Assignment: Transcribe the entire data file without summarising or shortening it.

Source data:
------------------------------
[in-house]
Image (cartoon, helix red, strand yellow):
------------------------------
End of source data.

[in-house]
Image (cartoon, helix red, strand yellow):